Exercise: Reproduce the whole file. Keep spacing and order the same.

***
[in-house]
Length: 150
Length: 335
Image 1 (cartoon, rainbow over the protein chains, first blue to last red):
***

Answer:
[in-house]
Length: 150
Length: 335
Image 1 (cartoon, rainbow over the protein chains, first blue to last red):